I don’t know about you, but for a long time,
I was pretty intimidated by Beowulf. It’s over a thousand years old.
It’s written in a language that almost no one understands anymore.
And it’s not just, like, some story of heroes and dragons. It’s a poem. Once I started reading, though, I found out
that Beowulf is a lot easier to understand than I thought. I’ll tell you why … coming
up. So Beowulf may have been written hundreds
and hundreds and hundreds of years ago, but its message is surprisingly modern. Beowulf is all about what it takes to be a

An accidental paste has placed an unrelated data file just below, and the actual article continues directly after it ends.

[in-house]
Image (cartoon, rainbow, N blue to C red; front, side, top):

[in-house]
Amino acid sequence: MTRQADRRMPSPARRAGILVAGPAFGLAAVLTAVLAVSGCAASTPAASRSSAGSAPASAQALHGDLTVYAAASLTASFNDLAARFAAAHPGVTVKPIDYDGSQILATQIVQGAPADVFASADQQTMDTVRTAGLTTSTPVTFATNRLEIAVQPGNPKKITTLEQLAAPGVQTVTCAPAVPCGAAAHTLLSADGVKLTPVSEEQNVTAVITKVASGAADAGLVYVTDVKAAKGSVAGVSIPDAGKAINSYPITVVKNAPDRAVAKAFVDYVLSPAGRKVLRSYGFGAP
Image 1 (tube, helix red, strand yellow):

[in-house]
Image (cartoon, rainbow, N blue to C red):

hero. Now, in this poem, the main character, Beowulf,
is at first a hero for reasons you might only find in a fantasy story—you know, he fights
monsters bare-handed, he possesses almost superhuman powers, and he saves an entire
nation from terrible, lurking beasts that no one else dares to fight. But Beowulf’s heroism is about more than just
his dragon-slaying skills. In fact, even with all the fantasy-style action, this poem actually
spends a fair amount of time on Beowulf’s qualities. He’s courageous and generous.
He’s strong and cunning. He’s indifferent to death, and he puts others’
well-being before his own. He’s also wise, moral, and good. In short, Beowulf follows a sort of heroic
code—one that, if you think about it, is still what makes a hero today just as it did
more than a thousand years ago.